November 2014
Youth Matters

Hands-On in New Hopewell

Scout work day involved cleaning out upstairs, painting the porch and cleaning the grounds of paint flecks. From front row, left, are Will Hudgins, Abigail Howle, Alex Holt, Hunter Couch, Eli McCormick, (back) Travis McCrary, Clayton Vaughn, John Howle, Jim Edwards, Harold Davis, Jake Howle and Andrew Brooks.  

The historic schoolhouse in the community of New Hopewell has been restored from its state of disrepair thanks to Jake Howle, who decided to make the renovation the focus of his Eagle Scout Project.

Located just south of the Abernathy exit of I-20 stands the New Hopewell Schoolhouse built in 1927. The building is the last remnant of history surrounding this community in Cleburne County that once boasted cotton gins, general stores, a two-story hotel, a train station, a post office, and a lively economy boosted by timber and cotton harvests during the early 1900s.

Over the years, some of the planks and shutters rotted, the paint peeled and the historical structure was in desperate need of improvement. As a part of Jake Howle’s Eagle Scout Project, the schoolhouse was scraped, painted and renovated with help from folks in the local community.

Many historic sites in Alabama are undergoing the same fate. Lack of funds, lack of volunteer help and a lack of time are resulting in many of these structures across the state falling into disrepair. If you have old structures in your community that represent times gone by, there are ways to rally your community to preserve these landmarks.

  Terry Benefield, with light shirt, directs inmates on the building of the hand rails.

Take Action to Preserve

In the case of New Hopewell’s schoolhouse, the first step was deciding what improvements could be made to the structure on a small budget and lead to long-term preservation of the structure. After determining the schoolhouse was actually owned by the local county (Cleburne), it was determined to seek advice on making improvements to the structure from County Commissioner Emmett Owen.

"I though it was a great idea," Owen said. "Right now, the only time the building is used is on voting day."

He suggested that improvements could be made to the structure, and others in the community could use the facility for events such as parties, family reunions and music gatherings.

Commissioner Owen led the charge to get approval from the remaining commissioners and probate judge, then, construction began. Using trustee inmates from the county jail, Sheriff’s Deputy Terry Benefield oversaw the replacement of rotting planks, window shutters, hand rails, and the pressure washing and scraping of the structure.

"We work all over the county," Benefield said. "Many of these inmates have construction experience, and we like to see them building and repairing things around the county."

Benefield brings the inmates to work details around the county with a van pulling a trailer carrying all the tools and equipment for workdays.

Once the rotted wood was replaced and the walls of the structure painted, the Boy Scouts of Troop 206 in Heflin, along with a handful of adult volunteers, scheduled a workday. The Boy Scouts painted the front porch, scraped paint from the windows, raked and removed paint flecks and debris from the grounds, and cleaned out three wheelbarrows full of dirt and dust that had accumulated upstairs.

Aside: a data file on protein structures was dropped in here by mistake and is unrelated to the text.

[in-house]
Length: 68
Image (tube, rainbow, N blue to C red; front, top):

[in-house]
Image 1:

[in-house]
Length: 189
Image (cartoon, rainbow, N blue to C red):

When the schoolhouse was completed in 1928, the students met downstairs, and a brotherhood group called "the Odd Fellows" met upstairs for their regular meetings.

"The upstairs had been collecting dust since 1927," scout Andrew Brooks observed. "I guess that’s why it took us so long to clean it out."

History of New Hopewell

In 1903, a New Jersey company called the Vanderbilt Southwestern Railway and Mining and Timber Company built a railroad from Tallapoosa, Ga., to New Hopewell. The rail line was used for shipping timber to the North. The railroad line carried both passengers and freight. You could ride from Hopewell to Tallapoosa for less than a quarter, and for a little more change, you could travel to Atlanta.

Most of the town developed around the rail line. A two-story hotel was built to accommodate travelers, and coke ovens were built to create coke (a form of coal) that would be shipped North on the railroad line. In 1906, the land of New Hopewell was surveyed and lots were laid out for the town with a mayor, town council and policeman.

A late 1920s photo showing the Odd Fellows, a brotherhood who met upstairs in the schoolhouse.  

When the timber dwindled, jobs began to run out and many people moved away. In the following 1930s and 40s, the roads remained unpaved, the old hotel was still standing, cotton gins and grist mills were in operation, the "Odd Fellows" were meeting upstairs in the New Hopewell Schoolhouse, and school children were taking classes downstairs.

Today, the old schoolhouse is the only remaining structure left from a once thriving community, but, fortunately for the intervention of a few dedicated volunteers, the structure will continue to stand and symbolize simpler days from our past. Inside the structure on the wall is a framed photo history of the New Hopewell Community along with a written description of the town as it existed in the early 1900s.

If you have historic structures in your community that you want to see preserved, talk with your local town council or commissioners about a preservation plan. Check with your local Boy Scout Troop for scouts who are earning an Eagle Scout, and check with your local authorities about work release programs to pull the project off. This is how communities work together to preserve their past.

John Howle is a freelance writer from Heflin.